Aisling Quinn is a striking young woman in every sense of the word: intelligent, funny, beautiful and humble.
The daughter of former Ireland international soccer star Niall Quinn and his wife Gillian has just completed her second year of a law degree in UCD and is looking forward to enjoying the rest of the summer.
"I love it, it's going really well. I just got my results and it's all good, so I'm free now and I'm just working away modelling with 1st Options," Aisling (21) explains."I am going away inter-railing for the month of August; I'm going with my boyfriend Ashley. We did it last year and we didn't kill each other, so we're going to give it another go."
Aisling's boyfriend of over two years, Ashley Duane, is a pharmacy student at Trinity College and also models. "He didn't model before he met me" she giggles, "I dragged him into it."
Aisling's approach to life is light-hearted and endlessly positive. She embraces not knowing what exactly she may do once she finishes her degree in two years' time; she is excited and open to whatever the future holds for her.
"I am not sure what I'll do when I leave college," she explains, her father's handsome eyes and her mother's gorgeous grin shooting back at me across our table in Avoca's Egg Cafe.
"I have these Amal Clooney aspirations of being a human rights lawyer, but I change my mind a good bit," she laughs, referring to George Clooney's wife. "I want to travel the world too. So, hopefully, I can do both."
However, humanitarianism is something that Aisling is genuinely passionate about. Long before the world was swooning over Amal's brains, husband and style hat-trick, Aisling was getting a true sense of the world around her and where she would like to fit into it.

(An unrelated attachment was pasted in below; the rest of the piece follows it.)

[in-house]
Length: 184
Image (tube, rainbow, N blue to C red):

"I went to Morocco when I was 12 with the Irish Heart Foundation to do a charity trek, and we went through parts of the Sahara Desert and I saw such poverty, going through some of those tiny towns. It has always stuck with me and I think that is what has made me go towards humanitarian law," Aisling adds.
Aisling is very grateful for the very down-to-earth and humble view on the world that her parents imparted on her as she grew up.
"I was brought up to think that we were not any better than anyone else, and if I had of thought that, it would have been beaten out of me pretty fast," she laughs. Aisling also credits her parents with for her drive and ambition to succeed in life.
"Dad is a workaholic and gives his absolute everything to what he does, so I have seen that work ethic growing up and, certainly, it gives you that drive and ambition to push yourself too," Aisling tells me.
"And my mum is the same. She is a wonderful, powerful woman. She is a very authentic person. She is doing her own thing at the moment too, studying psychology."